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Railways

While China’s rail network, at 76,600km, is today the world’s third longest after those in the US and Russia, it remains fundamentally backward and inadequate. Given the mainland’s huge population, railway freight traffic density is three times higher in China than it is in the US and, with industrial output continuing to grow at a strong rate, lack of investment in rail infrastructure has left rail transport unable to match the pace of China’s economic growth.

As a result, although the volume of freight carried by train is currently growing at an annual rate of 11.6 per cent, the 2.87bn tons shifted in 2006 represented just 35 per cent of rail freight demand, according to official estimates. And the trend continues to worsen, with more and more traffic driven to alternative channels, in particular onto roads. Rail carried just 13 per cent of China’s freight traffic in 2005, compared with 45 per cent in 1970, according to the Asian Development Bank. By contrast, the amount of freight traffic carried by road rose to 75 per cent in 2005, up from just 38 per cent in 1970.

In recent years, growing demand for consumer goods across China has led to an acute need to establish long-distance supply chains between factories and domestic cities. Getting freight the 2,000km up the Yangtze from Shanghai to Chongqing on the chaotic and overcrowded rail network can take as long as 10 days – almost as long as it takes to ship containers across the Pacific to the west coast of America.

The main reason for this is that priority is given to trains carrying almost anything other than manufactured goods. Coal and iron ore are the biggest priorities. With agricultural products and passengers also pulling rank, conventional industrial products have become second-class citizens on an already overloaded network.

The looming crisis inherent in this situation eventually came to a head in 2004, when ballooning demand for energy in China’s industrial centres coincided with a shortfall in generating capacity and the failure of the rail system to deliver enough coal to power stations.

This disastrous episode finally drove home to the authorities the extent of their longstanding neglect of the country’s rail network and precipitated a huge increase in railway investment that continues today. In November 2008, Lu Chunfang, Vice-Minister of the Railway Ministry, said that investment in railways in the fourth quarter of 2008 would exceed Rmb150bn, which will account for nearly half the full-year total of Rmb350bn.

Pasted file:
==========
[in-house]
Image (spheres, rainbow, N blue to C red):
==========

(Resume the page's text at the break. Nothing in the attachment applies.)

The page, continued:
The goals of the new rail blueprint go well beyond the need simply to increase the overall length of track. To begin with, authorities have plans to implement a wholesale programme of modernisation by increasing the proportion of double-tracked and electrified rail to 50 per cent of the total. In addition, they have begun building separate lines for freight and passenger services on the most important routes. New freight locomotives are also on order.

In the past, most of China’s long-distance rail routes have been constructed on a north-south axis (emanating from Beijing) and tend to transit provinces on or near the coast. In order to redress this imbalance, and also to further the cause of the government‘s ‘Go West’ campaign, which aims to improve living conditions in China’s interior provinces, the central government is committed to building a number of new east-west routes across the country, as well as large amounts of new track in western China itself, where the network will increase by 12,500km to some 40,000km by 2020. About 7,000km of this new track is due for completion by 2010.
     
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